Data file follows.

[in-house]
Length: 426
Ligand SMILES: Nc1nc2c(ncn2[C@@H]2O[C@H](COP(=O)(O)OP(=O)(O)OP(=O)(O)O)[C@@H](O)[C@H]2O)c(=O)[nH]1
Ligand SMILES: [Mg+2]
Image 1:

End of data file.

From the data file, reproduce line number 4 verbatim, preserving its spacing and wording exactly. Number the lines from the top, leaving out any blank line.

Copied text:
Ligand SMILES: [Mg+2]